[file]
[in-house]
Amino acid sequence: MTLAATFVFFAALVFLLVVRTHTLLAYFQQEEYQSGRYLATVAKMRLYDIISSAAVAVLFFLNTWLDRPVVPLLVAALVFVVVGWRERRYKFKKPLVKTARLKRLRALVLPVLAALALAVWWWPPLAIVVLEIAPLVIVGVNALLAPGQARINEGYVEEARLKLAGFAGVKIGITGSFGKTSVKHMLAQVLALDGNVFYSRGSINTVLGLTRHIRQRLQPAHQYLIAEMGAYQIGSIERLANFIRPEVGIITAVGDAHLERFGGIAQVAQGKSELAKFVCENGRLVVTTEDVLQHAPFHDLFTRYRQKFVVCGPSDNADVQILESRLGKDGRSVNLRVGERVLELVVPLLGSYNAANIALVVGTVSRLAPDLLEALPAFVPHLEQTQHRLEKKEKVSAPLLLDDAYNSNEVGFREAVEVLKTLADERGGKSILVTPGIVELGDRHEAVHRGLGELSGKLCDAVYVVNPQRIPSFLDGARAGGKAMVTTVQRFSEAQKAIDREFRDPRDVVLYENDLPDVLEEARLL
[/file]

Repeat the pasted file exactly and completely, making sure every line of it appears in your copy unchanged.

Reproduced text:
[in-house]
Amino acid sequence: MTLAATFVFFAALVFLLVVRTHTLLAYFQQEEYQSGRYLATVAKMRLYDIISSAAVAVLFFLNTWLDRPVVPLLVAALVFVVVGWRERRYKFKKPLVKTARLKRLRALVLPVLAALALAVWWWPPLAIVVLEIAPLVIVGVNALLAPGQARINEGYVEEARLKLAGFAGVKIGITGSFGKTSVKHMLAQVLALDGNVFYSRGSINTVLGLTRHIRQRLQPAHQYLIAEMGAYQIGSIERLANFIRPEVGIITAVGDAHLERFGGIAQVAQGKSELAKFVCENGRLVVTTEDVLQHAPFHDLFTRYRQKFVVCGPSDNADVQILESRLGKDGRSVNLRVGERVLELVVPLLGSYNAANIALVVGTVSRLAPDLLEALPAFVPHLEQTQHRLEKKEKVSAPLLLDDAYNSNEVGFREAVEVLKTLADERGGKSILVTPGIVELGDRHEAVHRGLGELSGKLCDAVYVVNPQRIPSFLDGARAGGKAMVTTVQRFSEAQKAIDREFRDPRDVVLYENDLPDVLEEARLL